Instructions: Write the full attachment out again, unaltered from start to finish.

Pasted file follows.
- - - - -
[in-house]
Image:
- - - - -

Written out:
[in-house]
Image: